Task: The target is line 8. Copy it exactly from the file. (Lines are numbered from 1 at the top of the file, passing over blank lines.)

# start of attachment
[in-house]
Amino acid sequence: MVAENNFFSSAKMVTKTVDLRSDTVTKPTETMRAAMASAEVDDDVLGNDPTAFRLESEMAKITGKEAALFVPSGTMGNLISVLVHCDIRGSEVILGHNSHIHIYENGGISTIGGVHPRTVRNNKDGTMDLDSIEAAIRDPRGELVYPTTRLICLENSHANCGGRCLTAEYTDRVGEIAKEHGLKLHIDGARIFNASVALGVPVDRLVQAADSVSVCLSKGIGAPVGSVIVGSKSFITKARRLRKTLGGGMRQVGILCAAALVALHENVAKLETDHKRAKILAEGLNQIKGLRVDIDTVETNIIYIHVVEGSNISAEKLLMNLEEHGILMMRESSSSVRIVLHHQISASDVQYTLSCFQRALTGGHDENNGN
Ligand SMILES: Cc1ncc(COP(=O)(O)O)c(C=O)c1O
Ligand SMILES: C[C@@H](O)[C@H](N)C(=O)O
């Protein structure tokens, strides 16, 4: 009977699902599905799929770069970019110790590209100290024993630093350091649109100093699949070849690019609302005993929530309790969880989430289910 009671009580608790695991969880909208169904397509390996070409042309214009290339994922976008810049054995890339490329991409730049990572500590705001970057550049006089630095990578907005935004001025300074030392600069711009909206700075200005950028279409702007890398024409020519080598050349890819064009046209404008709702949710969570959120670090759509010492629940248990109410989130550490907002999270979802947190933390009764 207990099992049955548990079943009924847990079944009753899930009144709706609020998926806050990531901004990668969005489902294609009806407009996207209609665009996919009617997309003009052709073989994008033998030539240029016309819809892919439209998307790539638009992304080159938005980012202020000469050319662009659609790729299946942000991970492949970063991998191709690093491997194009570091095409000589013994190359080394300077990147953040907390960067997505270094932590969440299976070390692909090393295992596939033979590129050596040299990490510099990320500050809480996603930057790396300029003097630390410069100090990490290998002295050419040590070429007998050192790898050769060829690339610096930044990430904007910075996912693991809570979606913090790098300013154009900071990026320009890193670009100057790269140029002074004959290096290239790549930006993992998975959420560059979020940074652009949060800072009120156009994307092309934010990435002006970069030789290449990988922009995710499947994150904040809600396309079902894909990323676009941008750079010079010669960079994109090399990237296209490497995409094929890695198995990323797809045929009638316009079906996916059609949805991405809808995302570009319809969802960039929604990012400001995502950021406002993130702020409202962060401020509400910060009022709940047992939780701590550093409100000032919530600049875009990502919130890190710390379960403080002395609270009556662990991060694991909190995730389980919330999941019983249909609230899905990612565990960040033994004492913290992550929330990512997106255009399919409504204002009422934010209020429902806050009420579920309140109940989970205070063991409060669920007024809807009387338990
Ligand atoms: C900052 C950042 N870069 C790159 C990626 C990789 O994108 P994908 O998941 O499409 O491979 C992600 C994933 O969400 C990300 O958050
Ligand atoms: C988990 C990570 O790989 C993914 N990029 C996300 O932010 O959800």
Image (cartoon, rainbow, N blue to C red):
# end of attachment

Image (cartoon, rainbow, N blue to C red):